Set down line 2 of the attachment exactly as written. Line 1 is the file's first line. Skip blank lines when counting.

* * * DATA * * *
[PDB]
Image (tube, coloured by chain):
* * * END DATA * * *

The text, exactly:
Image (tube, coloured by chain):